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Sendai Sweets went overboard with their Sakura Daifuku. Check out all that multi-mochi levels and fresh cream.

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They were selling strawberry cream daifuku, but who wants strawberry when you can go for sakura?

sakura-foods-in-japan-sendai-sweets-sakura-daifukuNot the best photo, but #trainlife. Another Sakura production by Sendai Sweets (last year’s sakura foods post had Sendai Sweets sakura).

Unexpected sakura! I ordered some matcha from the excellent matcha shop in Sendai called Ocha no Igeta (お茶の井ヶ田) it’s a must stop for me in Sendai, but the sakura tea dessert was delicious and unexpected.

That 3-d sakura *Homer drooling*

 I actually have a few more sakura foods to talk about but I’m holding them back for Sendai and Nagano posts. So stay tuned for the glory of Sendai foods and Nagano foods. This year I’m already planning to eat more of sakura foods and thus far this year it looks like there’s a lot more choices than usual. Franceslovesyou and I have booked some fancy teas with sakura themes this year so you’ll see some fancier sakura foods too. And I’ll probably take up the challenge to eat the First Kitchen sakura burger because I am a fool.

Previous Sakura food posts:

Sakura Foods in Japan (2015)Sweets Forest in Jiyugaoka – Sakura themed desserts | Q-Pot cafe in Harajuku with Sakura tasting | A collection of Sakura foods (2013) | A few Sakura foods (2011)

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Sendai sakura are definitely worth it if you’d like to prolong your sakura needs. After Tokyo and Kyoto’s sakura season is finished Sendai’s sakura season is still going on. After Tokyo’s blossoms fall off I’m usually left with a pink flower shaped hole. Or like last year the sakura forecast was off and I missed most of Tokyo’s blossoms and instead went to Matsumoto (previous post) and also went to Fukushima and Sendai.

There are three parks in Sendai proper that have sakura: Mikamine Park, Tsutsujigaoka Park, and Nishi Park. I chose visiting Tsutsujigaoka Park (榴ヶ岡) because it’s so close to Sendai station. You can actually just walk it in 20 minutes from Sendai station, or take the train to Tsutsujigaoka station(榴ヶ岡駅) on the Senseki JR line (仙石線).

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The classic vision of cherry blossoms: pink and frilly

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Ohanami indeed. A perfect setting for flower viewing.

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This kid knows what’s up. Best part of weeping sakura, you can touch them easily.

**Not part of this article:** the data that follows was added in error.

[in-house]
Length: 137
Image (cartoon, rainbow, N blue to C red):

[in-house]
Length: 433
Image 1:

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Since sakura viewing is a drinking pastime alcohol companies provide free lanterns to parks as advertisements.

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This is now my twitter background. Perfect sakura.

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People go crazy over the traditional Somei Yoshino sakura trees. But I’m gaga for the weeping sakura known Shidarezakura. To me it looks like they’re hugging all the revelers.

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The weeping sakura curtain.

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Lots of cute festival food stalls up at the edge of Tsutsujigaoka Park.

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Cost of seeing these blossoms once you hit Sendai station? 0 yen!

Sendai is a really nice place to visit and closer to Tokyo than you may think, it’s only a 95 minute shinkansen ride from Tokyo station. Kyoto gets horribly packed for sakura season and if you’d like a calmer vibe Fukushima, Matsumoto and Sendai are all very good alternatives and have later seasons.

If you’re trying to see more sakura post the Tokyo bloom I really recommend the Fukushima and Sendai experience. You can actually do both in a one-night hotel overnight stay in Sendai (whose hotel rooms are much cheaper than Osaka or Kyoto). From Tokyo head to Fukushima spend your day there (I have a sakura post coming up about them and it’s worth it!) and then train to Sendai. The next day see Sendai sakura and other amusements and then shinkansen out.

Although the tragic earthquake and tsunami of 2011 was originally known as the Sendai quake, there is no damage to witness or radiation danger in Sendai or Fukushima when going to the main tourist spots or just out and about in both cities. But they could absolutely use your tourist dollars, so why not see them? They have a lot to offer, especially in sakura season.

I’m planning to go back this year, but actually to see the burgeoning tourist boom of Sendai’s fox village. Then I hope to check even more sakura.

 

If you missed any previous sakura posts on the Doll check them out here I’ve got a fourth in a series of sakura foods posts coming up too.  :hearts3: